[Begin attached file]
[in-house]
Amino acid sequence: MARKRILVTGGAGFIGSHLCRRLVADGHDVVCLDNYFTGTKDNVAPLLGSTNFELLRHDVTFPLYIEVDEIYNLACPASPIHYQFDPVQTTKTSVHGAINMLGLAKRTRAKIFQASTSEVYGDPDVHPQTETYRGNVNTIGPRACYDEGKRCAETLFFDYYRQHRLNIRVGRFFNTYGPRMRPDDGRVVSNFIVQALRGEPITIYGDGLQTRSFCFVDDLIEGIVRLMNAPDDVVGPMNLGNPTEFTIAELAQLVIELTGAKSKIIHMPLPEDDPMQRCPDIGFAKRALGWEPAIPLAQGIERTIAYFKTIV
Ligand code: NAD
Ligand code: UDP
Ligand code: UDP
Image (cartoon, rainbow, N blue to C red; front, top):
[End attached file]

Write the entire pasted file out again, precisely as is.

[in-house]
Amino acid sequence: MARKRILVTGGAGFIGSHLCRRLVADGHDVVCLDNYFTGTKDNVAPLLGSTNFELLRHDVTFPLYIEVDEIYNLACPASPIHYQFDPVQTTKTSVHGAINMLGLAKRTRAKIFQASTSEVYGDPDVHPQTETYRGNVNTIGPRACYDEGKRCAETLFFDYYRQHRLNIRVGRFFNTYGPRMRPDDGRVVSNFIVQALRGEPITIYGDGLQTRSFCFVDDLIEGIVRLMNAPDDVVGPMNLGNPTEFTIAELAQLVIELTGAKSKIIHMPLPEDDPMQRCPDIGFAKRALGWEPAIPLAQGIERTIAYFKTIV
Ligand code: NAD
Ligand code: UDP
Ligand code: UDP
Image (cartoon, rainbow, N blue to C red; front, top):